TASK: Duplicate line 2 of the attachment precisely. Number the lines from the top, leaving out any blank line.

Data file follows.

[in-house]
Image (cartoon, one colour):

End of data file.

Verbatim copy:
Image (cartoon, one colour):